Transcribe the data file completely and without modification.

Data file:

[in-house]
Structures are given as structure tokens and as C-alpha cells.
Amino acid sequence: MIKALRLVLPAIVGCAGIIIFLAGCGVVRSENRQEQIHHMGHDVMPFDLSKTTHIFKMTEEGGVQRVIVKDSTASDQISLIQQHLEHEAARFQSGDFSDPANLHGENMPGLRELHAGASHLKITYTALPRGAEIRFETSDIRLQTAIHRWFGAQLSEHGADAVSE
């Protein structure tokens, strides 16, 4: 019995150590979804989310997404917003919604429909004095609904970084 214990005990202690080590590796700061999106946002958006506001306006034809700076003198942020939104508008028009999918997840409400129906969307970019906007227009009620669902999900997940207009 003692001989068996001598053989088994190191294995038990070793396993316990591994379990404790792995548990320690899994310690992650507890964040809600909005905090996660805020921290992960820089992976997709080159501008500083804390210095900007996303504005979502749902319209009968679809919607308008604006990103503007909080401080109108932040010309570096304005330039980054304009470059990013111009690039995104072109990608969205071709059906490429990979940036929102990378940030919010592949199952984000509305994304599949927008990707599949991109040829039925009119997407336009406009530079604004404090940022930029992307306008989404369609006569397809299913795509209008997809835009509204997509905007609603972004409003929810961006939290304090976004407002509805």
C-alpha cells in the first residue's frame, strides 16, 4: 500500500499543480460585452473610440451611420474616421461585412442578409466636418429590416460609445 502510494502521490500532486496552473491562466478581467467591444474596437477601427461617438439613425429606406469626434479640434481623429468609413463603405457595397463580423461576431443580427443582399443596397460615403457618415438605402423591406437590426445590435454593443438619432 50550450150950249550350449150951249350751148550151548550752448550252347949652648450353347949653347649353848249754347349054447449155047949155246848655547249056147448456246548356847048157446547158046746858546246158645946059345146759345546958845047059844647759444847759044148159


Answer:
[in-house]
Structures are given as structure tokens and as C-alpha cells.
Amino acid sequence: MIKALRLVLPAIVGCAGIIIFLAGCGVVRSENRQEQIHHMGHDVMPFDLSKTTHIFKMTEEGGVQRVIVKDSTASDQISLIQQHLEHEAARFQSGDFSDPANLHGENMPGLRELHAGASHLKITYTALPRGAEIRFETSDIRLQTAIHRWFGAQLSEHGADAVSE
């Protein structure tokens, strides 16, 4: 019995150590979804989310997404917003919604429909004095609904970084 214990005990202690080590590796700061999106946002958006506001306006034809700076003198942020939104508008028009999918997840409400129906969307970019906007227009009620669902999900997940207009 003692001989068996001598053989088994190191294995038990070793396993316990591994379990404790792995548990320690899994310690992650507890964040809600909005905090996660805020921290992960820089992976997709080159501008500083804390210095900007996303504005979502749902319209009968679809919607308008604006990103503007909080401080109108932040010309570096304005330039980054304009470059990013111009690039995104072109990608969205071709059906490429990979940036929102990378940030919010592949199952984000509305994304599949927008990707599949991109040829039925009119997407336009406009530079604004404090940022930029992307306008989404369609006569397809299913795509209008997809835009509204997509905007609603972004409003929810961006939290304090976004407002509805």
C-alpha cells in the first residue's frame, strides 16, 4: 500500500499543480460585452473610440451611420474616421461585412442578409466636418429590416460609445 502510494502521490500532486496552473491562466478581467467591444474596437477601427461617438439613425429606406469626434479640434481623429468609413463603405457595397463580423461576431443580427443582399443596397460615403457618415438605402423591406437590426445590435454593443438619432 50550450150950249550350449150951249350751148550151548550752448550252347949652648450353347949653347649353848249754347349054447449155047949155246848655547249056147448456246548356847048157446547158046746858546246158645946059345146759345546958845047059844647759444847759044148159